Why is the Mexican presidential election important?

It is only in the last few decades that Mexico has achieved a true democracy, with open, fair competition among political parties. This election is important because Mexico is the middle of a violent confrontation among powerful criminal organizations and the government, at the same time the nation struggles to become more middle-class and competitive.

Why is the Mexican election important to the United States?

The United States shares responsibility for drug cartels in Mexico. America is the largest consumer of illegal drugs in the world, and most of these products arrive via Mexico. Money and weapons sent south contribute to the violence. The two countries are also vitally interconnected in trade and manufacturing — and tourism, too. Mexico is the No. 1 foreign destination for Americans. The two countries also share a culture, too. About 12 million Mexicans live in the United States. Issues of immigration — legal and illegal — are also challenging both countries.

Who are front-runners?

The race in many ways is a judgment on the success and failure of the ruling party of President Felipe Calderon.

●Enrique Pena Nieto is the new face of the old, autocratic and often corrupt Institutional Revolutionary Party, or PRI, which ran Mexico for more than 70 years, until the party was pushed out of power by Calderon’s predecessor, Vicente Fox, in 2000. Handsome, telegenic and great in a crowd, Pena Nieto, 45, is still something of a mystery (he famously couldn’t correctly name three books that influenced his life). No one is really sure how he will govern as president — whether he would tackle the tough reforms Mexico needs to enter the 21st century, or allow his party to return to cronyism and coercion. Pena Nieto, a former governor of the state of Mexico, has pledged to run a super-efficient government based on results.

●Andres Manuel Lopez Obrador, 59, is the former mayor of Mexico City and the face of the political left in Mexico, the Party of Democratic Revolution, or PRD. He narrowly lost his presidential bid in 2006 by less than one percent — and he claimed election fraud by his opponent Felipe Calderon was the reason. These time around, Lopez Obrador, whom everyone calls AMLO, has declared his candidacy one of love versus confrontation. He has pledged to get Mexico growing again at six percent, to strengthen programs to reduce poverty, and to end the business monopolies that make Mexico less competitive.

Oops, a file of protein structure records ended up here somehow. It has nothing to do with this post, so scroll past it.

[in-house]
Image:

●Josefina Vazquez Mota, 51, represents the ruling party of Calderon, the National Action Party, and that is part of her challenge. Voters seem tired of Calderon and the PAN. Vazquez Mota served as secretary of education under Calderon, and while she is credited with some minor success, she ultimately failed to transform Mexico’s poorly performing public education, which is run by the teachers union and its powerful boss. Vazquez Mota’s campaign advertisements describe her — the first women contending for the top spot — as “different.” But most of her proposals would continue to follow Calderon’s lead.

What do the polls say?

Pena Nieto has held a steady double-digit lead over his opponents since campaigning began at the end of April. Vazquez Mota and Lopez Obrador are statistically tied for second place, but are 20 points behind in some surveys. Most observers say that barring an explosive scandal or a fatal misstep, Pena Nieto will be hard to beat, though in past contests, the vote has tightened in the closing days. Lopez Obrador contends that the polls are rigged by powerful media interests and that he is closing in on his rival.

How will the election work?

Calderon is barred from reelection after serving his single six-year term. Ballots will be cast July 1 and barring chaos at the polling stations, or a computer malfunction, Mexicans will learn later that night who is leading. The new president will be inaugurated Dec. 1.

What will the election mean to the drug war?

Maybe not much. Lopez Obrador has pledged to remove military troops from the fight within six months. Vazquez Mota would generally follow Calderon’s U.S.-backed strategies, which have targeted cartel leadership. Calderon has succeed in weakening some crime organizations, while others have thrived, such as Joaquin “El Chapo” Guzman, leader of the Sinaloa cartel. Some 50,000 Mexicans have died in the confrontations. Pena Nieto says he cares less about drug trafficking and more about the crimes — murder, extortion, kidnapping, robbery — that affect ordinary Mexicans. To tackle this, Pena Nieto might find himself face-to-face with the violent Zetas crime group.